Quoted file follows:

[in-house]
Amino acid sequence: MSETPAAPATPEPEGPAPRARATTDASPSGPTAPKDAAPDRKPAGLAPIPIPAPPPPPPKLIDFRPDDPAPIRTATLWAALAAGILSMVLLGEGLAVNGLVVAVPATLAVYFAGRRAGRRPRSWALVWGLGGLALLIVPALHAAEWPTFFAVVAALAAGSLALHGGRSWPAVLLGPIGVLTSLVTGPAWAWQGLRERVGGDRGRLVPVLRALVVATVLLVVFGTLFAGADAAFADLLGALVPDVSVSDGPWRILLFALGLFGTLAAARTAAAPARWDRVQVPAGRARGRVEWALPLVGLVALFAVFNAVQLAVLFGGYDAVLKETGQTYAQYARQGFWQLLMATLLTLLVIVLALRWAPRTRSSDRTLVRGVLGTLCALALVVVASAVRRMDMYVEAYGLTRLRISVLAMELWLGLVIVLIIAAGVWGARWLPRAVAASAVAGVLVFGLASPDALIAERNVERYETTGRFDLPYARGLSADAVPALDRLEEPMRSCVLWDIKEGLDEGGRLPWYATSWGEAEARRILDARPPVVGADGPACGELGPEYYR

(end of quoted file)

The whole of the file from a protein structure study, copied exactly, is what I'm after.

[in-house]
Amino acid sequence: MSETPAAPATPEPEGPAPRARATTDASPSGPTAPKDAAPDRKPAGLAPIPIPAPPPPPPKLIDFRPDDPAPIRTATLWAALAAGILSMVLLGEGLAVNGLVVAVPATLAVYFAGRRAGRRPRSWALVWGLGGLALLIVPALHAAEWPTFFAVVAALAAGSLALHGGRSWPAVLLGPIGVLTSLVTGPAWAWQGLRERVGGDRGRLVPVLRALVVATVLLVVFGTLFAGADAAFADLLGALVPDVSVSDGPWRILLFALGLFGTLAAARTAAAPARWDRVQVPAGRARGRVEWALPLVGLVALFAVFNAVQLAVLFGGYDAVLKETGQTYAQYARQGFWQLLMATLLTLLVIVLALRWAPRTRSSDRTLVRGVLGTLCALALVVVASAVRRMDMYVEAYGLTRLRISVLAMELWLGLVIVLIIAAGVWGARWLPRAVAASAVAGVLVFGLASPDALIAERNVERYETTGRFDLPYARGLSADAVPALDRLEEPMRSCVLWDIKEGLDEGGRLPWYATSWGEAEARRILDARPPVVGADGPACGELGPEYYR